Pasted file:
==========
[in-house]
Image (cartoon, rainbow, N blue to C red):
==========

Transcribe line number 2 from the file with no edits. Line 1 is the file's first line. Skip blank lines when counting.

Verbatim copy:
Image (cartoon, rainbow, N blue to C red):